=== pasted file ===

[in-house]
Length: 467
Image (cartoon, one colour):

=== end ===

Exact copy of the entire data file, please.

[in-house]
Length: 467
Image (cartoon, one colour):